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  1. Automation to replace people for repetitive work: Report

Automation to replace people for repetitive work: Report

Employees in India are getting ready for automated workplace as 63 per cent of workforce believes that machines will replace people for repetitive work.

By: | New Delhi | Published: September 14, 2016 5:25 PM
Employees in India were more positive than their counterparts from across Asia when it comes to automation. (Reuters) Employees in India were more positive than their counterparts from across Asia when it comes to automation. (Reuters)

Employees in India are getting ready for automated workplace as 63 per cent of workforce believes that machines will replace people for repetitive work.

According to a study by ADP, a leader in Human Capital solutions, nearly two thirds (63 per cent) of employees in India believe automation, smart machines and artificial intelligence will replace people for repetitive work, and 61 per cent of those surveyed welcomed the trend.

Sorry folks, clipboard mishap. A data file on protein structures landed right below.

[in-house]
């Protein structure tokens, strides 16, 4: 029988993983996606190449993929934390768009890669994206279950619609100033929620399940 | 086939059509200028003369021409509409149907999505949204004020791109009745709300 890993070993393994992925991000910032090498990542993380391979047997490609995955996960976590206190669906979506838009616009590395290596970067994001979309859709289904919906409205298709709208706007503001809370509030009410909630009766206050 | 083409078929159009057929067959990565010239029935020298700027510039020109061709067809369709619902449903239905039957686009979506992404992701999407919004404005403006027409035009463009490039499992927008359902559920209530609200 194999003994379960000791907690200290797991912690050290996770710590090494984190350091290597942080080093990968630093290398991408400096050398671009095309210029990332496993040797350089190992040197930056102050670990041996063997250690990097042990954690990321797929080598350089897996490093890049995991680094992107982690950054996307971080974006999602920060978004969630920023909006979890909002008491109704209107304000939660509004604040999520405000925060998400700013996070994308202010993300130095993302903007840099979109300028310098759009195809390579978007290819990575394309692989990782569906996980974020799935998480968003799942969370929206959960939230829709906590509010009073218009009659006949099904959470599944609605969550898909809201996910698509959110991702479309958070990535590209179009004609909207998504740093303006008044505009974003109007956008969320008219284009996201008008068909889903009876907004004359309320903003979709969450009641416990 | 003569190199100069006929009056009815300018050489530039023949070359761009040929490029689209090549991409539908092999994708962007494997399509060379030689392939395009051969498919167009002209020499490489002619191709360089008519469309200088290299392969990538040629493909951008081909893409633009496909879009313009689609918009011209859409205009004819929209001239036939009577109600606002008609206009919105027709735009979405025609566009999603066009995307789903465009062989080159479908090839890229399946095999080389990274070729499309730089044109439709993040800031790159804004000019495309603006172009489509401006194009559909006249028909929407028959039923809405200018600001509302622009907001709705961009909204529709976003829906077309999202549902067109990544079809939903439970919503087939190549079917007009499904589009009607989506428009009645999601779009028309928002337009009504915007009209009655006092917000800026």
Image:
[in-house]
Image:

Employees in India were more positive than their counterparts from across Asia when it comes to automation, it revealed.

The study was conducted across North America, Europe, Latin America and Asia-Pacific to understand how trends are impacting the workplace and the needs of employees, ADP said in a statement.

The majority of employees in Australia and Singapore were not positive about this technological shift, according to the study titled ‘Evolution Of Work’.

Employees in India were found to be more eager than employees across the region to adopt new workplace technologies with 82 per cent of respondents in India excited about the ability to do all work on a mobile device.

Moreover, around 84 per cent of the employees are optimistic about the prospect of using technology to learn anything.

The data indicates that employees in India (along with their counterparts in China) are more likely to believe that trends will impact them than their counterparts in Australia and Singapore, John Antos, VP Marketing, Asia Pacific, ADP, said.

This could be a distinct advantage in today’s fast-changing business environment, he added.

“Businesses that will succeed will be the ones that utilise and promote the strengths, skills and level of life experience each generation brings to the table,” Antos said.

Besides changes in technology, other factors like employees’ demand for greater choice and flexibility, access to real-time learning, increased autonomy, a sense of stability and ability to work on personally meaningful projects would drive global workplace transformation.

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